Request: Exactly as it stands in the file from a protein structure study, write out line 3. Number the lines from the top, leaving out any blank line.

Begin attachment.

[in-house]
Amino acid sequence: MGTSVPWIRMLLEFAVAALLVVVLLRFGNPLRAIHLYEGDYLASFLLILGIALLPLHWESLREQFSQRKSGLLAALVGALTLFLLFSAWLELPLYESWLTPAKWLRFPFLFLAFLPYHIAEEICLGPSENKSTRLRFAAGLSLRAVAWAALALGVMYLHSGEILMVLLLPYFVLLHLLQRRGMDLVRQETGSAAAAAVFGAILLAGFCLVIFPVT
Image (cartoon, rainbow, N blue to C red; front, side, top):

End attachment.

Image (cartoon, rainbow, N blue to C red; front, side, top):